This article was last updated on April 16, 2022
Dr Fauci stated that the National Institutes of Health (NIH) "has not ever and does not now fund gain-of-function research in the Wuhan Institute of Virology".
Senator Rand Paul asked Dr Fauci this week if he wanted to retract that statement, saying: "As you are aware it is a crime to lie to Congress."
Senator Paul believes the research did qualify as "gain-of-function" research, and referred to two academic papers by the Chinese institute, one from 2015 (written together with the University of North Carolina), and another from 2017.
One prominent scientist supporting this view – and quoted by Senator Paul – is Prof Richard Ebright of Rutgers University the research in both papers showed that new viruses (that did not already exist naturally) were created, and these "risked creating new potential pathogens" that were more infectious.
"The research in both papers was gain-of-function research", he said.
He added that it met the official definition of such research outlined in 2014 when the US government halted funding for such activities due to biosafety concerns.
The funding was paused to allow a new framework to be drawn up for such research.
Why does Dr Fauci reject this charge?
Dr Fauci told the Senate hearing the research in question "has been evaluated multiple times by qualified people to not fall under the gain-of-function definition".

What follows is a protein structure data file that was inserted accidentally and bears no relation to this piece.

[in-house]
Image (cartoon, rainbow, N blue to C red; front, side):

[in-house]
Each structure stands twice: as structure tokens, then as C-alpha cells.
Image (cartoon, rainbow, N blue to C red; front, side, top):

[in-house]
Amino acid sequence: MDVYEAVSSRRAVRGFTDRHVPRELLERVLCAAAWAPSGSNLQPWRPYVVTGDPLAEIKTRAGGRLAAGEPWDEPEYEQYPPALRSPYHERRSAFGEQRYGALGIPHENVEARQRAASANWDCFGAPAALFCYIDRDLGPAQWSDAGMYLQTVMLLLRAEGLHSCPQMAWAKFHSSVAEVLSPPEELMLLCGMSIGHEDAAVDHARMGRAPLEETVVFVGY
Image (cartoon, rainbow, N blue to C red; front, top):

He also said it was "molecularly impossible" for these viruses to have resulted in the coronavirus, although he did not elaborate.
The NIH and EcoHealth Alliance have also rejected suggestions they supported or funded "gain-of-function" research in China.
They say they funded a project to examine "at the molecular level" newly-discovered bat viruses and their spike proteins (which help the virus bind to living cells) "without affecting the environment or development or physiological state of the organism".
One of the US scientists who collaborated on the 2015 research on bat viruses with the Wuhan institute, Dr Ralph Baric from the University of North Carolina, gave a detailed statement to the Washington Post.
He said the work they did was reviewed by both the NIH and the university's own biosafety committee "for potential of gain-of-function research and were deemed not to be gain-of-function".
He also says that none of the viruses which were the subject of the 2015 study are related to Sars-Cov-2, which caused the pandemic in 2020.
He does acknowledge that the work they carried out showed the viruses had "intrinsic properties" giving them the ability to infect humans.
But he adds: "We never introduced mutations into [the virus] spike to enhance growth in human cells."
US researcher and biologist Alina Chan at the Broad Institute of MIT and Harvard has highlighted issues with the wording of the government's pause to funding in 2014.
It says that it would stop funding research that "may be reasonably anticipated to confer attributes to influenza, MERS, or SARS viruses such that the virus would have enhanced pathogenicity and/or transmissibility in mammals via the respiratory route."
This could imply that research on viruses may not intend to produce "gain-of-function", although that could be the end result of it.
A more general point is that any evaluation of research and the risks involved can be subjective.
Rebecca Moritz of Colorado State University said, "There is not always consensus [on gain-of-function research] even amongst experts, and institutions interpret and apply policy differently.